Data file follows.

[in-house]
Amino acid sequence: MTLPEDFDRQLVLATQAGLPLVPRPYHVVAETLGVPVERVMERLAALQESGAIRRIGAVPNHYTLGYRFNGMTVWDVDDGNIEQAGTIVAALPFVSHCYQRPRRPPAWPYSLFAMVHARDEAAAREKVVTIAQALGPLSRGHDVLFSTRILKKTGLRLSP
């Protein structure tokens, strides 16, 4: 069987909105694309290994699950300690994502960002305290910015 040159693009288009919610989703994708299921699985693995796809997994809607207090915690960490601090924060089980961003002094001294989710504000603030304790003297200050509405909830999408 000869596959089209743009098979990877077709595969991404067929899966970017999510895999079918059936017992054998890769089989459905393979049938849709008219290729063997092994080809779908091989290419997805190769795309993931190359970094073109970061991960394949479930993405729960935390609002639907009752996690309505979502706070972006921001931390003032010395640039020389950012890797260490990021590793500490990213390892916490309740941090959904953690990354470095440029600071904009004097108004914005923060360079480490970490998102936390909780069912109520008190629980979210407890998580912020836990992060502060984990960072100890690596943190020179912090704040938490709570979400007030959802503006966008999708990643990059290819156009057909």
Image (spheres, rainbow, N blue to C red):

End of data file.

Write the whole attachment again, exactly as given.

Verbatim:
[in-house]
Amino acid sequence: MTLPEDFDRQLVLATQAGLPLVPRPYHVVAETLGVPVERVMERLAALQESGAIRRIGAVPNHYTLGYRFNGMTVWDVDDGNIEQAGTIVAALPFVSHCYQRPRRPPAWPYSLFAMVHARDEAAAREKVVTIAQALGPLSRGHDVLFSTRILKKTGLRLSP
């Protein structure tokens, strides 16, 4: 069987909105694309290994699950300690994502960002305290910015 040159693009288009919610989703994708299921699985693995796809997994809607207090915690960490601090924060089980961003002094001294989710504000603030304790003297200050509405909830999408 000869596959089209743009098979990877077709595969991404067929899966970017999510895999079918059936017992054998890769089989459905393979049938849709008219290729063997092994080809779908091989290419997805190769795309993931190359970094073109970061991960394949479930993405729960935390609002639907009752996690309505979502706070972006921001931390003032010395640039020389950012890797260490990021590793500490990213390892916490309740941090959904953690990354470095440029600071904009004097108004914005923060360079480490970490998102936390909780069912109520008190629980979210407890998580912020836990992060502060984990960072100890690596943190020179912090704040938490709570979400007030959802503006966008999708990643990059290819156009057909």
Image (spheres, rainbow, N blue to C red):